The aim of The Scottish Prisoner of War Society is to display what information we have for the SPOW based upon reference material. We attempt to “fill out” their descendant tree when someone provides the information or when we can research the information for ourselves. Since there are over 150 men that were SPOWs, we do not commit to being able to provide research services. We have heard from several other descendents of James Warren and have included any sourced information they have provided. Not all personally provided information correlates and this situation is a prime example. We at SPOW can only show the different variations, marking those with citations, and then let the descendants research and speculate their own lineage. We attempt to promote the researchers ability to share and work together to trace these men’s lives. Any opinions and questions can be placed in the comments or notes section or you can reach out to the others by the webpage with their contact information.

Thank you for letting me view your notes, and I have noticed that some of your sources that you have used as referencing material, is the same as what others are using and I have used on James Warren’s profile page. I hope you can make connections through The Scottish Prisoners of War Society and please continue to correspond. I would love to have your opinions on further information.

Best Regards, Rose Beauvais”

On 28 March 2019, Michael Dennis adds:
James1 Warren 1620-1702
James2 Warren 1658-1725
John3 Warren 1705-1769
Tristram4 Warren 1732-aft.1800
Levi5 Warren 1783-1836(?)
Volney6 Arthur Warren 1920-1903
William7 Augustus Warren 1853-1933
William8 Arthur Warren 1877-1942
Lillie9 May Warren 1910-2009
Carroll10 Warren Dennis 1930-2002
Living11 Descendant

“For the past year, my cousin Richard Warren and I have been working to confirm through documentation and DNA that James Warren, Scottish POW #108 is our ancestor.”
Michael Dennis: , descendant/researcher

On 28 February 2019, James Michael “Mike” Arnett adds:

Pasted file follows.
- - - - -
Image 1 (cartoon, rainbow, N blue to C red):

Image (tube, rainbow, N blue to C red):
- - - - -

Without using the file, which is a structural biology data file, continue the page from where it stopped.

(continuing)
My line is
James1 Warren #108 1620-1702
James2 Warren 1658-1725
John3 Warren 1705-1769
Ichabod4 Warren 1736-1825
Henry5 G. Warren 1767-1836
Mark6 Bemis Warren, Sr 1809-1896
Mark7 Bemis Warren, Jr 1832-1917
Lela8 Angelina Warren 1892-1974
James9 Warren Arnett 1928-1964
Living10 Descendant

“We have an annual reunion for descendants of my Great Grandfather Mark Bemis Warren, Jr. the last Sunday in June every year in Yucaipa, California, so we stay very connected.”
“…information about the family is in my Ancestry Arnett/Allred family tree at https://ancstry.me/2XvYXdY.”
Mike Arnett: , descendant

Note: This suggests a close connection between these men, worth researching further.

“In his will dated 9 Feb. 1683/4, Alexander Cooper made arrangements for his only son, John: “It is my will & desire to Commit under god, both my sonn, & my estate left him untill hee come to age, unto my Loveing freinds vidzt Richard Nason Senjor, James Warrine Senior, & Peter Grant whome I leave as feofees in trust, faithfully to take Care both of my sonn & Estate, & for the Improvement & security there of, for my sonns best advantage…”

Source: Maine Wills- p. 77, quoting York County Deeds- Vol. V, fol. 27


  • History of York, Maine- Banks, Vol.I, pp.206-9.
  • York Co. Court Records- Vol.II, p.205; Vol.III, p.42,p.54; Vol.IV, p.61.
  • Genealogical Dictionary of Maine & New Hampshire- p.721
  • York Deeds- Vol.4, p.159.
  • Mass. Archives- Vol.3, pp.385-6; Vol.11, pp.125-125a, p.127a;
    Vol.3, p.394a.
  • York Co. Probate- I, 85; II, 66.
  • Maine Wills- p. 77, quoting York County Deeds- Vol. V, fol. 27,
  • Maine Wills- p. 148-9, quoting York County Probate- Vol. I, fol. 130
  • Proceedings of the Massachusetts Historical Society- Vol.LXI, pp.16-29.